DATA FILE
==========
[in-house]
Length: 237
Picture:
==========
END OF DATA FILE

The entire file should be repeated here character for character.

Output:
[in-house]
Length: 237
Picture: